• In November, 2023, the Kentucky nonfarm, civilian workforce was 2,036,638, of whom 87,245, or 4.3%, were unemployed. Like everywhere, employment in Kentucky largely revolves around the service economy, whether that’s providing medical care and education or food and lodging. The growth of service industry employment in Kentucky has been strong and steady in the last two decades, with short blips for recessions and the pandemic.
  • Kentucky has a higher percentage of people employed in manufacturing than most of the country, particularly in the auto and auto parts industries. The logistics industry, spurred by the presence of UPS, DHL, Amazon and FedEx is also a large and growing employer, driven in part by the explosion of online shopping during the pandemic, a trend that does not seem to have abated. “If you look at the four biggest employers in Kentucky, two of them are automakers, Ford and Toyota, and two of them are logistics, UPS and Amazon,” said Jason Bailey, executive director of the Kentucky Center for Economic Policy. Bourbon production, coal mining and horse racing and breeding, while very visible legacy sectors that in the case of horses and bourbon also drive tourism, are not significant drivers of the Kentucky economy.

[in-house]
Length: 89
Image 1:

• A sector where full time employment has declined is state government, dropping 27%, from 40,081 to 29,267, between 2002 and 2022, according to the state’s annual financial reports for the years 2022 and 2008. There are worker shortages across state government, including among K-12 teachers and bus drivers, social workers and public defenders. Every cabinet, from Tourism to Public Protection, has fewer employees than a decade ago.